Karnataka is headed for a fiery floor test at 4 PM that will possibly settle the dust in the southern state, mired in controversy due to political instability ever since the results were announced on May 15. But before that, a plea filed by the Congress party against appointment of BJP MLA KG Bopaiah would be also be heard by the Supreme Court at 10:30 AM.
Bopaiah, an old RSS hand, was administered the oath as pro-tem speaker by Vala. Bopaiah was the speaker of the Assembly between 2009 and 2013. Considered close to Chief Minister BS Yeddyurappa, he had disqualified 11 disgruntled BJP and five independent MLAs ahead of a trust vote to help the Yeddyurappa government in 2011. His decision was upheld by the Karnataka High Court but overturned by the Supreme Court, which said Bopaiah had acted in haste.
The Supreme Court on Friday ordered the floor test in the Karnataka Assembly at 4 PM for May 19, drastically slashing the 15-day window given by the Governor to BJP Chief Minister BS Yeddyurappa to prove majority.
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The bench, which also comprised Justices S A Bobde and Ashok Bhushan, turned down Yeddyurappa's request for a secret ballot during the floor test and also directed the Karnataka government and the Governor not to nominate any MLA from the Anglo-Indian community to participate in the voting to prove majority.
It asked the newly elected government not to take any policy decision till it proved majority in the House, while also making it clear that it would later deal with the constitutionality of the Governor's letter inviting Yeddyurappa to form government.
The bench said the pro tem Speaker will take decisions in accordance with the law on the issue of floor test and ordered the authorities, including the Director General of Police, to ensure law and order outside the Karnataka Assembly.
The BJP has 104 MLAs and seven additional votes are required if the Yeddyurappa government is to survive, which it can only by persuading the newly formed alliance's lawmakers to defect to its side, resign or abstain from voting.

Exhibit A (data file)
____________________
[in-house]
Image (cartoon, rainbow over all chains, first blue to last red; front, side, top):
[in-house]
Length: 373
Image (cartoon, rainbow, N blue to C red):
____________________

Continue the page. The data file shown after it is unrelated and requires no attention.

Resignation of 16 lawmakers would bring down the number required for victory during the trust vote to 103, one less than what the BJP has.
Kumaraswamy had claimed the BJP was trying to repeat "Operation Kamala" to come to power in the state. 'Kamal' (lotus) is the BJP's election symbol and the term "Operation Kamala" was used in 2008 when the BJP under Yeddyurappa did not have a majority of its own in the Assembly, and its leaders managed to persuade three Congress and four JD(S) MLAs to resign, allegedly by offering them money and office.
They later contested by-polls on BJP ticket and five of them won. It had done the trick for the BJP as their resignations brought down the number required to prove majority in the House.
In the other two secenarios, where MLAs of the combine cross-vote or abstain from voting, they would attract the provisions of the anti-defection law and can be disqualified.
Statistics are, however, clearly against the BJP, as its rival alliance has the support of 116 MLAs--Congress (78), JD(S) (37) and its pre-poll partner BSP one. It has also claimed the support of an independent MLA.
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WATCH VIDEO: All eyes on crucial floor test in Karnataka tomorrow